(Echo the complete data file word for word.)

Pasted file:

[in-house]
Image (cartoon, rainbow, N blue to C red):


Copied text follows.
[in-house]
Image (cartoon, rainbow, N blue to C red):